The Psychology of Gamification: How and Why Motivation Science Works 


Gamification in advertising is powerfully effective, primarily due to the underlying motivation psychology it uses. We’ll discuss how—and why— the psychology of gamification works while providing examples of gamification campaigns that successfully use this method of motivation psychology.

Why Does Gamification Work? 

The American Psychological Association defines motivation as “the impetus that gives purpose or direction to behavior and operates in humans at a conscious or unconscious level.” 

At a primary level, we’re all motivated by immediate physical needs, like hunger and sleep. Everything else that drives us stems from our instinctive desire to be rewarded and the brain chemicals that come with it. 

Whether this motivation is from competition against others or an inner drive to accomplish our goals, gamification activates our desire to engage in activities that reward our behavior.

The Chemicals

The elemental psychology behind gamification is effective because of the chemicals activated in the body. Specifically, dopamine is released in the brain as a reward for accomplishing a task. Dopamine causes an excitatory reaction that feels good and further motivates the activity we associate with that positive feeling.

After completing an enjoyable, valuable task, neurons pass this pleasurable chemical throughout your brain. 

People are motivated to accomplish tasks based on what they believe is essential, but the chemical reward reinforces behavior when we follow through.     

Motivation Science

In their research study on motivation, DiMenichi and Tricomi display how people are driven by competition, reward, and achievement. These powerful motivators have a lasting impact on memory and attention. 

In a time where advertisers fight over audience attention, the psychology of gamification reinforces the connection users develop with a brand through enjoyable, interactive experiences.

Based on four decades of research on human motivation, Daniel Pink, the author of Drive, identifies three main driving forces.

1. Independence

We all are motivated by the desire to control our choices, and gamification helps us take charge of mundane tasks through rewarding interactions. 

A great example is how the app Fortune City helps users keep up with their expenses. With Fortune City, users keep track of their daily transactions. When they categorize these transactions, the app constructs city structures corresponding to each category. 

For example, adding your lunch purchase will begin construction on a food-related building in the city.

2. Value

Consumers trade value to get value—the dopamine hit one receives from completing a task must tip in favor of the player, not the brand. In other words, to effectively engage someone, a game’s benefit must far outweigh the effort extended to reach an end goal. 

A great example of assigning value to a goal comes from Simple Energy, which uses gamification to incentivize users looking to reduce their energy consumption. It offers competitions and leaderboard ranking to make it fun for people to become more energy efficient.

3. Mastery

Mastery is about our desire to develop a skill and our willingness to overcome obstacles. Gamification operates on positive reinforcement to help drive the user to their final goal.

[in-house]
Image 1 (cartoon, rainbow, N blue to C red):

For example, Headspace understands developing long-term brand loyalty takes more than a simple reward system. Therefore, they use leaderboards and badges to encourage consumer behavior

When people are driven to master a fun, engaging game, recognition builds that long-term bond between a company and its customers. When we’re recognized for our accomplishments, we get that all-important dopamine reinforcement to seal the deal.

The Psychology of Gamification in Action

Now, let’s look at some examples of gamification campaigns that have successfully activated the power of motivation psychology:

The Man Company

Men’s grooming and wellness brand The Man Company developed a gamification loyalty program called “The Man Wallet.” Customers are rewarded with a rise in their tiered ranking the more they interact with the brand, receiving progressively greater rewards as an incentive to make new purchases.

Ruby Tuesday

The multinational foodservice retailer Ruby Tuesday successfully used a birthday-theme slot machine game powered by the CataBoom Catapult platform to collect data and engage consumers. After signing up, customers tried their luck at winning a mix of instant and sweepstakes prizes, garnering a 50% increase in website returns. The suspense of where the machine will land (matched with the desire to rack up rewards) was highly effective.


Lazada is a Singapore-based eCommerce company using gamification across multiple aspects of its platform. Lazada use gamification for rewards, giveaways, and vouchers, and its app incorporates these into the shopping experience.

It includes coins and collectibles, daily bonuses, and countdown timers to activate urgency and excitement through the shopping lifecycle. If a user is sitting on the fence about a purchase, the pressure of time and the incentive of rewards can make a huge impact.

Capitalize on the Science of Gamification with CataBoom

Gamification can take many forms, but it’s always the most effective when intentionally designed around the underlying motivation psychology. And CataBoom is an expert in unlocking the power of gamification to drive consumer behavior, boost engagement, and accomplish your campaign goals. 

We’ve seen how gamified advertising is effective across an expansive range of industries—let’s talk about how we can put it to work for you.
Get in touch with us today to discover how the psychology of motivation through gamification can help elevate your next campaign!